Food pellets laced with a chemical called teflubenzuron have long been given to farmed salmon around the coast in order to control sea lice infestations. The lice eat salmon, killing them or stunting their growth, and can cause multi-million-pound losses for fish farmers.
But salmon excrete the chemical, which then pollutes the seabed around fish farms at levels than can be lethal to marine wildlife. Shellfish are poisoned and prevented from making new shells to protect them as they grow.
Now the Scottish Environment Protection Agency (Sepa) says it has persuaded the company that markets the drug to withdraw it. Campaigners, however, warn that replacement drugs could do just as much harm, and are demanding a much broader legal ban.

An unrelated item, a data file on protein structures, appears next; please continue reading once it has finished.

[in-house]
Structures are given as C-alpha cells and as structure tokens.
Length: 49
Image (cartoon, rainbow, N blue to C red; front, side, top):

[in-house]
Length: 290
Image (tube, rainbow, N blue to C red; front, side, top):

The latest research on teflubenzuron was conducted by scientists from the Institute of Marine Research and the National Institute of Nutrition and Seafood Research in Bergen, Norway. They detected high concentrations in sediment around a salmon farm on a fjord north of the city.